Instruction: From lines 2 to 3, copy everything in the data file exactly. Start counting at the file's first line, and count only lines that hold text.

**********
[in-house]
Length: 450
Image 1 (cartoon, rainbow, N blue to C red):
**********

Length: 450
Image 1 (cartoon, rainbow, N blue to C red):